We are always looking for design solutions that are going to combine delighting users with aesthetics and ease of use while delivering the business outcomes our clients need.
UX has lots of challenges but the web pattern that every UX designer needs to master for the insurance industry are forms. The client will always need information from the user and the user is likely to resist. No one enjoys filling in forms.
It gets especially difficult when we are designing insurance purchase journeys which have a requirement for gathering a large amount of data. When a client asks for many fields, as a UX designer I become concerned... How am I going to make this a pleasure to use? Without it looking like they suddenly feel empowered to get as much information from the user as possible?
The first thing to ask is “Do you really need this information?”. If the answer is yes the second question to ask is “why do you need it and how is this going to benefit the user?” This helps to remind the client of the risk but also helps me explain to the user the benefit they will get if they go the extra mile to give us that information. They will be more likely to disclose information if they understand the need for it.
It’s true though, despite asking those questions, adding calculators; sliders, inline validation, etc, the form may still feel uninviting.
That’s why here at Dock9 we’re curious about how Natural Language Forms are going to improve the user experience of insurance applications. Natural Language Forms differ from traditional label/input formats of web forms and instead consist of input fields that are contained within sentences. In insurance terms the user is in effect completing a Statement of Fact in a natural way.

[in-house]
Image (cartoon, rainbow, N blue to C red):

A good example of this can be seen on the US-based health insurance provider Oscar:
The form reveals itself as the user fills each field, there are dropdowns helping only when they do help and the animation is delightful.
While still relatively rare we are noticing Natural Language Forms increasingly appearing on financial websites. MoneySuperMarket.com's mortgage criteria search is another recent example:
But you’re probably thinking “Where’s the research?”
Luke Wroblewski tested a natural language form and he discovered it increased conversion by 25-40% (http://www.lukew.com/ff/entry.asp?1007). There are other reports of improved user experience on the web. (http://www.jroehm.com/2014/01/ui-pattern-natural-language-form/).
Of course, they are not a guarantee that they will always work. But it’s probably a good bet for usability or A/B testing with your users.
We were interested in how Natural Language Forms could work for our insurance clients so built out an experimental prototype for a Public Liability Insurance quotation process:
Click here to open the prototype in a new window.
This process mirrors the questions asked in a live quotation process we have built for one of our clients using a standard web form and we will be taking this to the lab for usability testing in the coming weeks. Watch this space!
Are you interested in how Natural Language Forms could improve the conversion rates on your website? Contact us at email@example.com or 020 7977 9230 and we would be happy to explore how they could benefit your business.